Wednesday, September 30, 2020
First and foremost, the police department is committed, focused, and will continue to work with Mayor Johnson on bridging the gap and improving the trust of the community. The ongoing meetings of the reconciliation committee put together by Mayor Johnson continue to work hard to meet these expectations.
The proposal put forth at the legal committee September 23rd, 2020, is divisive, inflammatory and divides the unity amongst the police, politicians, community, and the reconciliation committee. An approach that limits the exposure and interaction of the public with the police is counterproductive and not a goal of community policing. Your police department, which is an accredited agency in the State of New York, is held to a higher standard. The success of the city today would not have been attained without the assistance and dedication of your police department. The city has made great strides in the last 20+ years. To deplete the police department not only would be irresponsible but unsafe for the community as well as the officers sworn to protect. Crime would increase, store fronts would be empty, poverty levels would rise, and tourism would diminish. We do not want to go backwards!
We trust the mayor will continue to have the best interest of the community and public safety at the forefront of his agenda. We are a dedicated group of individuals that have and will continue to strive for unity within the community and continue to have conversations, so that we can have an even better Hudson. The City of Hudson Police Department wants to thank Mayor Johnson for his constant reassurance that he will not layoff or furlough any police officers. As always, the members of the City of Hudson Police Department welcome open dialogue amongst the community so that we can come to agreeable solutions. We all have the same attainable goal, which is to be able to live, work and be prosperous without fear.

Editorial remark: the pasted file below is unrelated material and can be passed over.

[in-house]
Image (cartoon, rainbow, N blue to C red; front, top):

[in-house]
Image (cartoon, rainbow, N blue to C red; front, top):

The City of Hudson should be proud of its diversified and dedicated police department and its commitment and service to protect the community. To the organizations that are trying to distract, strip, defund and eliminate the police department, how well do you know the men and women of this department and the community? Maybe it's time you get to know them and learn what this department has accomplished: to have people from all walks of life want to reside, relax, commute, conduct business and work in this beautiful city we call Hudson, NY.
The letter was signed by Sergeant Christopher Filli, who is the president of the local police union, and Chief Ed Moore.
The special meeting of the Common Council Legal Committee, to consider two resolutions related to the proposed Hudson Breathe Act, scheduled for Thursday at 6:00 p.m., has been canceled. So far, there has been no word shared publicly on whether the protest being organized by Back the Blue for that time in front of City Hall has been abandoned, or if it will go forward.